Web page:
Progressive lung disease and surfactant dysfunction with a deletion in surfactant protein C gene

Aaron Hamvas, Lawrence M. Nogee, Frances V. White, Pamela Schuler, Brian P. Hackett, Charles B. Huddleston, Eric N. Mendeloff, Fong Fu Hsu, Susan E. Wert, Linda W. Gonzales, Michael F. Beers, Philip L. Ballard

Research output: Contribution to journalArticlepeer-review

101 Scopus citations


Mutations in the surfactant protein (SP)-C gene are responsible for familial and sporadic interstitial lung disease (ILD). The consequences of such mutations on pulmonary surfactant composition and function are poorly understood. To determine the effects of a mutation in the SP-C gene on surfactant, we obtained lung tissue at the time of transplantation from a 14-mo-old infant with progressive ILD. An in-frame 9-bp deletion spanning codons 91-93 in Exon 3 of the SP-C gene was present on one allele; neither parent carried this deletion. SP-C mRNA was present in normal size and amount. By immunofluorescence, proSP-C was aggregated within alveolar Type II cells in a compartment separate from SP-B. In airway surfactant, there was little or no mature SP-B or SP-C; SP-A content was increased. Minimum surface tension was increased (20 mN/m, normal < 5 mN/m). Type II cells contained normal and disorganized appearing lamellar bodies by electron microscopy. This spontaneous deletion on one allele of the SP-C gene was associated with sporadic ILD and abnormalities in surfactant composition and function. We propose that a dominant negative effect on surfactant protein metabolism and function results from aggregation of misfolded proSP-C and subsequent cell injury and inflammation.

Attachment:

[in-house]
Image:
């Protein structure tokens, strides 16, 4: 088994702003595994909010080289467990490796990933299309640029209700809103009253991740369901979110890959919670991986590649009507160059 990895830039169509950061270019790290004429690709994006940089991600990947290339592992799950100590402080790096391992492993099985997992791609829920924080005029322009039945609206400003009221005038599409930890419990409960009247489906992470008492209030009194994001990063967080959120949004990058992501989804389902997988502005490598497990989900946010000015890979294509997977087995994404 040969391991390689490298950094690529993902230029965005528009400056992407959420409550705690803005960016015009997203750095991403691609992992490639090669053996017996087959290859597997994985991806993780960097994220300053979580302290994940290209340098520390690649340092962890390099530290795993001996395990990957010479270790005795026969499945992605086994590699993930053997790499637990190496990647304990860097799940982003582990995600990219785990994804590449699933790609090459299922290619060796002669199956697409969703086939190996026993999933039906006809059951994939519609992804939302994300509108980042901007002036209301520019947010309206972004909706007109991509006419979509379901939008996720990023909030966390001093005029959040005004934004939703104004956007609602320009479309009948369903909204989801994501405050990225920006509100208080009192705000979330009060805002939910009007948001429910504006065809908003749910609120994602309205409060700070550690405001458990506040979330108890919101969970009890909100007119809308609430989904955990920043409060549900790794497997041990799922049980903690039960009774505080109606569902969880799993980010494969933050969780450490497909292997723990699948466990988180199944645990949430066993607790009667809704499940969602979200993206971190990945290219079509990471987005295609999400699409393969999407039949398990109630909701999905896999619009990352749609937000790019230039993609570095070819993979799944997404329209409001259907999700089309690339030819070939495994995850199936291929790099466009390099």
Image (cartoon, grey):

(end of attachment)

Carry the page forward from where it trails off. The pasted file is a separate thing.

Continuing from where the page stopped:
Original languageEnglish
Pages (from-to)771-776
Number of pages6
JournalAmerican Journal of Respiratory Cell and Molecular Biology
Issue number6
StatePublished - Jun 2004


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